Does self-evaluation of CAP quality lead to improvements in assessment and curriculum

L.K.J. Baartman, J.T.M. Gulikers, Asha Dijkstra, H. Blankert

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    Technological developments and computerisation influence many jobs. The goal of this study is to identify to what extent employees need an increased and/or different understanding of science and technology to function in their jobs than is currently taught in schools. Whereas previous research tended to focus on very general skills (e.g., problem solving, communication) or long detailed lists of content knowledge, the focus of this study is on competences such as modelling and visualising. Companies most influenced by technological developments were selected in cooperation with National Centres of Expertise on vocational education. They were asked in which companies (1) more and/or different scientific and technological competences, and (2) creativity and flexibility are required. We focused on jobs at the level of senior secondary vocational education, as these jobs are most prone to being outsourced or taken over by computers. Employees working in the different companies were asked what knowledge and skills they use during their work, for example when working with machines and computers. Preliminary results show the influence of technological developments on almost all jobs. Required knowledge and skills are for example: data-analysis, the use of graphs and thinking beyond one's own job. The need for flexibility, creativity and insight in ‘black boxes' seems to depend on the level of education. Theory and aimsThe increased use of information- and communication technology and the influence of scientific and technological developments have caused many countries to redefine the key competences for adequately functioning professionals. This study specifically focuses on the needs of future employees: what competences in the domains of science and technology do they need to function adequately in their jobs, now and the future?Previous studies tend to focus on very general skills such as problem solving and communication (e.g., Holbrook & Rannikmae, 2007), which do not provide any specification of what should be taught. Other studies provide long and detailed lists of content to be taught in schools (e.g., AAAS, 1993). These lists run the risk of quickly becoming outdated as the amount of technical information is doubling every two years (Binkley et al., 2010). This begs the question whether we can identify competences that are general in the sense that we may expect them to stay valuable for a long time, but at the same time not too general to offer directions for curricula. This study tries to answer this question by interviewing employees in companies that are subject to technological developments. In the literature, two domains provide input to this study. First, a number of studies focus on 21st century-skills, lifelong learning competences, or key skills. For example, Binkley et al. (2010) analysed curriculum and assessment frameworks around the world, and identified ten competences, including creativity, critical thinking and ICT literacy. Voogt and Pareja-Roblin (2010) and Dede (2009) reviewed different reports about 21st century skills, generally relying on private/business initiatives. These reports mention skills such as communication, ICT literacy, social awareness, and creativity. Problematic is, however, that explicit links to educational levels are missing and the educational community hardly participates in this debate. These reports thus provide little direction with regard to the content of education. Second, we reviewed the literature about knowledge and skills used in the workplace. Here, hardly any studies exist on the use of science and technology at the workplace. There are, however, studies on mathematics that are general enough to be useful for science and technology as well (e.g., Bakker et al., 2006; Pozzi et al., 1998). These studies show the importance of: (1) knowing what processes are ‘hidden' in computers or machines, and (2) analysing relationships between variables, based on quantitative data. Data and MethodsParticipantsThe context of this study was vocational education in the Netherlands, preparing students for a job at levels ranging from assistant worker to middle management. This middle-level job was chosen, as it is likely to be most affected by technological changes, while employees are not specifically educated in this domain (Levi & Murnane, 2005). To identify companies most influenced by technological developments, interviews were conducted with National Centres of Expertise, who develop national qualification profiles for the different branches. Six interviews were conducted with representatives from: animal and plant care, car mechanics, audician/optician, graphical design, commercials/presentation, and nursing/care. Seven interviews were conducted with employees of these branches: a farmer using robots, employees of Ford cards, a company developing logistical systems, an ICT desk, an outsourcing company, and an audician. In November/December 2010, more interviews will be conducted in different branches, and nursing specifically. InterviewsRepresentatives of the branches were asked to describe developments with regard to: (1) the amount of science and technology, (2) the content of science and technology, and (3) flexibility and creativity needed to function on the job. Depending on their function, the employees were asked:- what kind of machines and computer programs they work with;- if they need to know the ‘invisible processes' inside;- how they are trained to work with new machines and computers;- what they do in case of an unexpected outcome or problem.All participants were asked to describe job situations in which scientific and technological knowledge and skills are used. Preliminary resultsFull results, including the remaining interviews and more examples from concrete job situations, are presented at the conference.- Required knowledge and skills: most employees need some basic knowledge of science and technology. For example, audicians need knowledge of the auditory organs.- Flexibility and creativity: at lower levels, employees are not expected to suggest improvements or solve non-standard problems. An exception is ‘defence/tank' mechanics. They need to know the exact working of tank engines, enabling creativity in emergencies.- Insight in black boxes: opinions seem to differ here. In general, employees can work with machines without knowing ‘what is going on inside'. For example, graphical designer can use software to make sketches without knowing how colours mix. Theoretical and educational significance. Most jobs seem to be influenced by computerisation and technology, leading to changed requirements in terms of knowledge and skills, creativity and insight in black boxes. The identification of these changed requirements could guide curriculum adaptations, better preparing young people for their future jobs. More research seems warranted on the use of science and technology at the workplace (following studies on mathematics). This study is a first step in this direction.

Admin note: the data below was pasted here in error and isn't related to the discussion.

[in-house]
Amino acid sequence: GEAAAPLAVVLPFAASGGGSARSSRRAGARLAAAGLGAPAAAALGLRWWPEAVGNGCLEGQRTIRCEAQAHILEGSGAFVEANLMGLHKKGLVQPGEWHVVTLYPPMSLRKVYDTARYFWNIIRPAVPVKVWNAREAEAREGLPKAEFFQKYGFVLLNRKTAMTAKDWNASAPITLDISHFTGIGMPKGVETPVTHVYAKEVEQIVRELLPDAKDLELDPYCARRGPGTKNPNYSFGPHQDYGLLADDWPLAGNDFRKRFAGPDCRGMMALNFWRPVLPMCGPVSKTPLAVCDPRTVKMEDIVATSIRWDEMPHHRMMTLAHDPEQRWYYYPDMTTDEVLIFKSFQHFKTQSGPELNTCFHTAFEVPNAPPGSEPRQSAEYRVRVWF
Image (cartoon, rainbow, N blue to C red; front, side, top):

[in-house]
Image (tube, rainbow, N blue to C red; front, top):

Original languageEnglish
    Title of host publicationProceedings at the 14th Biennal European Conference for research on learning and instruction,(EARLI) August 30-03 September 2011, Exeter, United Kingdom
    Publication statusPublished - 2011
    Eventconference; Education for a global networked society; 2011-08-30; 2011-09-03 -
    Duration: 30 Aug 20113 Sept 2011


    Conferenceconference; Education for a global networked society; 2011-08-30; 2011-09-03
    OtherEducation for a global networked society